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Worms as Fish Bait: Fishers Way of Life

Many people undermine the importance of saving the coastal ecosystem from ruin due to water pollution traced from unfriendly practices and discharges from pollutive or hazardous industries that dot the shoreline. This may be due to ignorance or plain apathy to the abundance of organisms living along the coastal zone which can influence or determine the very source of livelihood of marginalized fishermen.

Daily Search for Worms as Bait

The abundance of the coastal zone and the dependence of marginalized fishermen to its bounty can be demonstrated by looking at a common activity in the rural areas of tropical countries like the Philippines. This activity is about the daily search for worms to be used as bait in fishing by ordinary fishermen.

As the author strolled along BM beach in Puerto Princesa the other week, he noticed two fishermen bending while holding and waving something a few feet from the edge of the waters. Stricken by curiosity, he approached the two fishers and observed what they were doing.

Walking up closely, he found out that the thing they were holding were bunches of brown algae. These were floated and slowly waved to and fro in a circular motion in ankle deep water. The author asked one of the men to explain what they were doing. The man replied that the bunch of algae served as an object for worms to cling to as these are passed on top of the sandy bottom. The worms attach themselves to algae with their muscular mouth mistaking it for its prey and are captured by hand in the process. These worms were collected into a white plastic container cut in half with a vertical slit along the sides to release water and prevent the worms from escaping once seawater gradually fills the container (Figure 1).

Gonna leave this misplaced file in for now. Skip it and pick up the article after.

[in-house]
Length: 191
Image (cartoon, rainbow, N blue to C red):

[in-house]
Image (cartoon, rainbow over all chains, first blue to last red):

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Fig. 1. Worms that will serve as fish bait.

Integrity of the Coastal Ecosystem and Its Significance to People's Livelihood

This small, apparently insignificant routine in the life of the fishermen depends a lot on the integrity of the coastal ecosystem on which this livelihood activity is performed. Obviously, pollution of the coastal waters will most likely cause the death of these worms as they ingest toxic metals like arsenic, cadmium, chromium, nickel, among others [1] that compose the discharges of industrial plants.

What then is the long-term consequence of coastal water pollution? Adopting the ecosystem level perspective, worms compose one of the very basic foundations of the food web in the nearshore waters. Mortality of the worms will mean that those organisms, like for example worm-feeding fish, that depend on the existence of these worms as prey will no longer survive.

On the economic side, the lack of worms to serve as bait for fishing by marginalized fishermen will mean initially more time for fishermen to look for better places to obtain their bait; valuable time which could be devoted to other productive endeavors (opportunity cost). On the extreme scenario of losing the worms as bait for fish due to pollution, the marginalized fishermen will be forced to leave their traditional source of bait for fish and explore other places. This of course will mean more fuel for their boats or more energy expended to find a viable source of bait. And this will mean that fish will become more expensive as fishers recuperate their investment.

Reference

[1] Environmental Management Bureau, 2008. DENR Administrative Order 2008 - XX. Water Quality Guidelines and General Effluent Standards. Available at http://emb.gov.ph/wqms/Draft DAO on the Revised WQG and GES rev 121807.pdf

©2012 May 5 Patrick A. Regoniel

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